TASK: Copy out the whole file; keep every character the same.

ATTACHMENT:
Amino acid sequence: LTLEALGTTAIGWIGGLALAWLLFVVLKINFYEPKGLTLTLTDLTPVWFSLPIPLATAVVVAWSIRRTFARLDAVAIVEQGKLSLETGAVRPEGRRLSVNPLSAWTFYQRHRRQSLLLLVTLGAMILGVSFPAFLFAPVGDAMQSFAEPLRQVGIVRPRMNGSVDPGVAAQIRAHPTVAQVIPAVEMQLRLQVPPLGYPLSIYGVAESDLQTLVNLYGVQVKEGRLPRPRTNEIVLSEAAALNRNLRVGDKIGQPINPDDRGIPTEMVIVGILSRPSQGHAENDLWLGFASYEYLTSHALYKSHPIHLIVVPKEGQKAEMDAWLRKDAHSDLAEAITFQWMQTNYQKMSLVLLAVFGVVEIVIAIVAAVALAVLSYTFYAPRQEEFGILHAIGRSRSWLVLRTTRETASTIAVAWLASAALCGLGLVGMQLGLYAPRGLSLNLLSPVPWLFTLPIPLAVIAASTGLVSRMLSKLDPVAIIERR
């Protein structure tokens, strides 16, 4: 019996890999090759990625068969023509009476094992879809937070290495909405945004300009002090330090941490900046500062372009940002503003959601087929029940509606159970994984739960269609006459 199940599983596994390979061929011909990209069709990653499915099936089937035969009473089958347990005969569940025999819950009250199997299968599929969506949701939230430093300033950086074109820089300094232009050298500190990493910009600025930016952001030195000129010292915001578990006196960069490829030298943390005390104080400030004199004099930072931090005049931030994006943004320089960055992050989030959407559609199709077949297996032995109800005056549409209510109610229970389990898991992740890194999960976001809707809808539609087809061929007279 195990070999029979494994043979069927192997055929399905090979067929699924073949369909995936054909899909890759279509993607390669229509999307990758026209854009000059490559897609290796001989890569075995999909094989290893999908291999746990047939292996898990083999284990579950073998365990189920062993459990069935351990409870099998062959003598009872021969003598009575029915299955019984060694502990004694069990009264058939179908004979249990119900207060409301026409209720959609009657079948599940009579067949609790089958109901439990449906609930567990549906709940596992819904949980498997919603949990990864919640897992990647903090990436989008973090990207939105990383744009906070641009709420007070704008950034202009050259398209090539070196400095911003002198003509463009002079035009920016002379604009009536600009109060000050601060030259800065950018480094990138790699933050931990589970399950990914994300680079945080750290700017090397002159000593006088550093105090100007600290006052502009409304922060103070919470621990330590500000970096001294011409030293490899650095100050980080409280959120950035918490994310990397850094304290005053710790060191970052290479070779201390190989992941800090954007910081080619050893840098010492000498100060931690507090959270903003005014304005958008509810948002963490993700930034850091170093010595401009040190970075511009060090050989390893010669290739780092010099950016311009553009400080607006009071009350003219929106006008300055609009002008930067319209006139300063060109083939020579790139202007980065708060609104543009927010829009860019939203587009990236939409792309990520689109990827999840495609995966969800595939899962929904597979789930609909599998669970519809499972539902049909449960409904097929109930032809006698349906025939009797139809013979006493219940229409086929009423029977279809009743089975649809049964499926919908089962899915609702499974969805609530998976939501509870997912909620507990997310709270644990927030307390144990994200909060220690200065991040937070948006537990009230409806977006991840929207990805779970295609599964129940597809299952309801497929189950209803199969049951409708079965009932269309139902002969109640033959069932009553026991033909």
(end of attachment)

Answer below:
Amino acid sequence: LTLEALGTTAIGWIGGLALAWLLFVVLKINFYEPKGLTLTLTDLTPVWFSLPIPLATAVVVAWSIRRTFARLDAVAIVEQGKLSLETGAVRPEGRRLSVNPLSAWTFYQRHRRQSLLLLVTLGAMILGVSFPAFLFAPVGDAMQSFAEPLRQVGIVRPRMNGSVDPGVAAQIRAHPTVAQVIPAVEMQLRLQVPPLGYPLSIYGVAESDLQTLVNLYGVQVKEGRLPRPRTNEIVLSEAAALNRNLRVGDKIGQPINPDDRGIPTEMVIVGILSRPSQGHAENDLWLGFASYEYLTSHALYKSHPIHLIVVPKEGQKAEMDAWLRKDAHSDLAEAITFQWMQTNYQKMSLVLLAVFGVVEIVIAIVAAVALAVLSYTFYAPRQEEFGILHAIGRSRSWLVLRTTRETASTIAVAWLASAALCGLGLVGMQLGLYAPRGLSLNLLSPVPWLFTLPIPLAVIAASTGLVSRMLSKLDPVAIIERR
């Protein structure tokens, strides 16, 4: 019996890999090759990625068969023509009476094992879809937070290495909405945004300009002090330090941490900046500062372009940002503003959601087929029940509606159970994984739960269609006459 199940599983596994390979061929011909990209069709990653499915099936089937035969009473089958347990005969569940025999819950009250199997299968599929969506949701939230430093300033950086074109820089300094232009050298500190990493910009600025930016952001030195000129010292915001578990006196960069490829030298943390005390104080400030004199004099930072931090005049931030994006943004320089960055992050989030959407559609199709077949297996032995109800005056549409209510109610229970389990898991992740890194999960976001809707809808539609087809061929007279 195990070999029979494994043979069927192997055929399905090979067929699924073949369909995936054909899909890759279509993607390669229509999307990758026209854009000059490559897609290796001989890569075995999909094989290893999908291999746990047939292996898990083999284990579950073998365990189920062993459990069935351990409870099998062959003598009872021969003598009575029915299955019984060694502990004694069990009264058939179908004979249990119900207060409301026409209720959609009657079948599940009579067949609790089958109901439990449906609930567990549906709940596992819904949980498997919603949990990864919640897992990647903090990436989008973090990207939105990383744009906070641009709420007070704008950034202009050259398209090539070196400095911003002198003509463009002079035009920016002379604009009536600009109060000050601060030259800065950018480094990138790699933050931990589970399950990914994300680079945080750290700017090397002159000593006088550093105090100007600290006052502009409304922060103070919470621990330590500000970096001294011409030293490899650095100050980080409280959120950035918490994310990397850094304290005053710790060191970052290479070779201390190989992941800090954007910081080619050893840098010492000498100060931690507090959270903003005014304005958008509810948002963490993700930034850091170093010595401009040190970075511009060090050989390893010669290739780092010099950016311009553009400080607006009071009350003219929106006008300055609009002008930067319209006139300063060109083939020579790139202007980065708060609104543009927010829009860019939203587009990236939409792309990520689109990827999840495609995966969800595939899962929904597979789930609909599998669970519809499972539902049909449960409904097929109930032809006698349906025939009797139809013979006493219940229409086929009423029977279809009743089975649809049964499926919908089962899915609702499974969805609530998976939501509870997912909620507990997310709270644990927030307390144990994200909060220690200065991040937070948006537990009230409806977006991840929207990805779970295609599964129940597809299952309801497929189950209803199969049951409708079965009932269309139902002969109640033959069932009553026991033909």